Christian theology in a Sudanese context. The essential nature and character of God.
The Holiness of God ‘Holiness’ can be described as being ‘other’. There is nothing and no-one who is close to being like God. God has no faults and is incapable of errors. God is distinctly different from our human expectations and values. He is attractive in His glory and yet, at the same time, we are fearful of His purity. Fire is sometimes used in the Bible as a symbol of God’s holiness. Like fire, God’s holiness shows us our lives by His warm light. Like fire, God’s holiness burns the dead, diseased and dirty from our lives. In Old Testament history, we see both destruction and salvation coming from God’s holiness (Exodus 15:1-10). The hymn of Exodus 15:11 declares this: “Who is like You – majestic in holiness, awesome in glory, working wonders?”
The English word ‘holy’ means ‘of, relating to, or associated with, God’. The Bible’s words, in Hebrew and Greek, carry the meaning of ‘being devoted to, or consecrated’ with ‘being separated, set apart’. Holiness for us has two sides. One is that we live totally committed to God. The other is that we live to very different standards from the world around us. Love for God is the root of holiness in our lives. Christians want to be like God, with His characteristics in our lives. The Christian church is described as “a holy temple in the Lord”, Ephesians 2:21. God’s holiness means that He seeks His own honour and glory as the Creator and Keeper of all things. We must live for this too (Leviticus 19:2; 1 Peter 1:15,16). When two soccer teams have a match with each other, let’s say El Hilal against El Merreikh in Omdurman, how do you know which player is playing for which team? You should be able to decide by watching the usual direction he is kicking the ball, the team members he is calling to and passing with, and of course from the colours of the shirt and shorts he is wearing. Blue with a crescent for El Hilal. Red and yellow with a star for El Merreikh.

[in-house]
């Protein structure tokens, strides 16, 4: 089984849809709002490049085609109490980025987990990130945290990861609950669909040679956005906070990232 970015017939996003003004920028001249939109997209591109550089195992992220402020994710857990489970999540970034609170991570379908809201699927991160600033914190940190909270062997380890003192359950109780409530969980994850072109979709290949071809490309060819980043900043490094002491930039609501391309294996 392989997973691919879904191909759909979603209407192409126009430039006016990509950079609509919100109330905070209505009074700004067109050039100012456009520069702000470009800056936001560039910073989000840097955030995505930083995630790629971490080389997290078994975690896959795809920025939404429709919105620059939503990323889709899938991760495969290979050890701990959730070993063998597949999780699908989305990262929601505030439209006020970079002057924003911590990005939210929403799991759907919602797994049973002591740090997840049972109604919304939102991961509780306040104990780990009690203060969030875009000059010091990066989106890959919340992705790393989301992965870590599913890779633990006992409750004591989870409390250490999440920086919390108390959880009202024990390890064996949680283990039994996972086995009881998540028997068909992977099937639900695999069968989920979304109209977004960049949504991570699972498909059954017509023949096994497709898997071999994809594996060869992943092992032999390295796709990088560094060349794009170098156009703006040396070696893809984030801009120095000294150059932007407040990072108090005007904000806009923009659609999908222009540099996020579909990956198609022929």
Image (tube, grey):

Our personal holiness should be visible to people around us, because we are followers of God Who is holy. American theologian R.C.Sproul writes: “God’s holy character has something to say about economics, politics, athletics, romance – everything that we are involved in. God is inescapable. There is no place we can hide from Him. Not only does He penetrate every aspect of our lives, but He also penetrates our lives in His majestic holiness. Therefore we must seek to understand what 'the holy' is. There can be no worship, no spiritual growth, no true obedience without it. It defines our goal as Christians”.
Because God is holy He hates all sin. This shows itself in His wrath. He strikes against sin in judgement. God’s holiness is perhaps best seen in Jesus’ death on the cross (Romans 1:18; Romans 2:5-8; Romans 5:8,9).
Thinking it through.
(a). What effect should God’s holiness have in our church?
(b) In our relationships with our neighbours of different faiths?
(c) In our politics?
(d). If we sin easily or carelessly, what should we expect from the holiness of God?